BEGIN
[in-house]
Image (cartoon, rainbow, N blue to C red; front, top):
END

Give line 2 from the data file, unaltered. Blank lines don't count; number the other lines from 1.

Image (cartoon, rainbow, N blue to C red; front, top):